Strasburg's Control Spotty in 2nd Start

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    NEWSLETTERS

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    Stephen Strasburg sits on the bench after being pulled from his second career start.

    Opposing hitters couldn't figure out Stephen Strasburg (again) on Sunday. At the same time, however, Strasburg couldn't figure out the pitcher's mound at Progressive Field in Cleveland.

    A couple of slips, some consternation and a little digging kept Strasburg from focusing entirely on the task at hand, and it showed in his stat line: 5.1IP, 2H, 1ER, 5BB, 8K.

    While he only gave up the two hits -- including a line-drive homer to right off the bat of Travis Hafner -- it was the walks that got him into trouble, which was something he avoided in his first start at Nats Park.

    Strasburg recorded the first two walks of his career in the fourth inning when he gave back-to-back free passes to Carlos Santana and Hafner. He seemed to have some trouble with the mound during the inning, but was able to strike out the next two batters to get out of the jam. He walked another in the fifth, but was again able to avoid an Indians rally.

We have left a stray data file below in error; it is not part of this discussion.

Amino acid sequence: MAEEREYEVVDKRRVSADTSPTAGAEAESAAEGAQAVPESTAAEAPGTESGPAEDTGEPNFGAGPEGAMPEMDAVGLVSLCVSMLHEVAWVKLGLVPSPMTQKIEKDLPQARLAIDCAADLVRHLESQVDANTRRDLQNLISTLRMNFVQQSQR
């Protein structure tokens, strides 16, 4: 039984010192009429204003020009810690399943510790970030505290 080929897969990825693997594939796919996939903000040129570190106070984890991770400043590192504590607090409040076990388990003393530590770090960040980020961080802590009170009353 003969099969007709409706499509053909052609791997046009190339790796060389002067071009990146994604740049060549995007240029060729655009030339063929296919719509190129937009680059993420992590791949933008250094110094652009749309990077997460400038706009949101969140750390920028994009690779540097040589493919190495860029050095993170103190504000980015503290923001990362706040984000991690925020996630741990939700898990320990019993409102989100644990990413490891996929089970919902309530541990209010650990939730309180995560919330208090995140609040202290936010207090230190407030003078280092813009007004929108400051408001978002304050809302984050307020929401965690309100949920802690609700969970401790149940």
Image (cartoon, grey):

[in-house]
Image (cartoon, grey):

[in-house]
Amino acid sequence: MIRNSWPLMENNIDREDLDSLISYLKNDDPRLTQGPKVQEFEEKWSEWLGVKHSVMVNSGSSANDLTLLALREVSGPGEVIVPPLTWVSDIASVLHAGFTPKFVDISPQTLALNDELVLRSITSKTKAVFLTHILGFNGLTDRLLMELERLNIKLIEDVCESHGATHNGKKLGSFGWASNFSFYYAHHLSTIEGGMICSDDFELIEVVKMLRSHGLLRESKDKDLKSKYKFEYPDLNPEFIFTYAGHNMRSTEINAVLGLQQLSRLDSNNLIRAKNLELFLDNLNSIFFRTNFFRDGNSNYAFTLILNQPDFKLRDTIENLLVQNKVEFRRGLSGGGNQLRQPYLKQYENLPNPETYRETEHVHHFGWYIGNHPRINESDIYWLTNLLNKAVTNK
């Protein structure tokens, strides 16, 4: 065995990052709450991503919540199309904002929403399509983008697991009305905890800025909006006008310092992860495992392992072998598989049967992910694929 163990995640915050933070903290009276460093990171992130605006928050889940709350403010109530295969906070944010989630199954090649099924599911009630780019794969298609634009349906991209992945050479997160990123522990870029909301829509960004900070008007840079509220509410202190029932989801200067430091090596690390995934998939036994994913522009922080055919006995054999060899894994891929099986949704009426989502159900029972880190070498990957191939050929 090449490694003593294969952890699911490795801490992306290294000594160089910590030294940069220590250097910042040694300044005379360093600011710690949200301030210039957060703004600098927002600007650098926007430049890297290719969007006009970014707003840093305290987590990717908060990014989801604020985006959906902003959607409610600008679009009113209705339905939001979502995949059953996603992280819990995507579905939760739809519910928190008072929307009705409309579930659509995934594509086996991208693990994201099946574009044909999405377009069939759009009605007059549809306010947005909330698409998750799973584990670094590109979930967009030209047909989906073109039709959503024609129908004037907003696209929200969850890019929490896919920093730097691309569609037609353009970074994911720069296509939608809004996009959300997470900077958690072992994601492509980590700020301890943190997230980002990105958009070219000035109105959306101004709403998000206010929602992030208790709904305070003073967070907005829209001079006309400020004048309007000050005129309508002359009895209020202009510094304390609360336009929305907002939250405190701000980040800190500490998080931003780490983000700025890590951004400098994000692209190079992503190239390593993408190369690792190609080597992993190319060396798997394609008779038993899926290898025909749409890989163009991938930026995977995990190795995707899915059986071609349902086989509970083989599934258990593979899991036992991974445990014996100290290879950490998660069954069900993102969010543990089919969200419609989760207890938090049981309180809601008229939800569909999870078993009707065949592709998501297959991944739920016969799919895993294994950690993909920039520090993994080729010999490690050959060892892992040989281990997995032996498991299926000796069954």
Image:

The sixth inning, however, was a different story.

    After getting the first out of the inning, Strasburg gave up a hit to Santana and then walked Hafner and Austin Kearns to load the bases. He also ran into some mound trouble. Strasburg's plant foot slipped forward on at least one pitch to Hafner in the inning, forcing the grounds crew to come out, add some clay and tamp it down.

    But after seeing the three batters get on base in a row -- and noticing that Strassy's pitch count was at 95, manager Jim Riggleman decided it was time to shut him down for the day.

    After the game Riggleman said he didn't want to make excuses, but the coaches noticed Strasburg having some problems with the mound.

    "Going back to the second or third innning, we saw him scratching around out there," Riggleman told MASN after the game.

    While one No. 1 pick exited the game in the sixth, another entered. Drew Storen, the No. 10 pick in the 2009 draft, came in with the bases loaded and one out and bailed out his fellow rookie. He got Russell Branyan to pop out to shallow right and struck out Jhonny Peralta to end the inning.

    Strassy owes Storen a cameo in his next Letterman appearance for that one.

    Thanks to Storen, Strasburg left the game in line for the win with a 6-1 lead.

    The lead would hold up, despite Miguel Batista's shaky ninth inning, as the Nats went on to win, 9-4.

    That's two starts for Strasburg, with two very different outcomes.  But that's to be expected from a rookie pitcher, even one with as much talent as Strasburg.